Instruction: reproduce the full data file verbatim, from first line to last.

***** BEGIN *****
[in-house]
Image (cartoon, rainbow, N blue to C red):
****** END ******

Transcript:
[in-house]
Image (cartoon, rainbow, N blue to C red):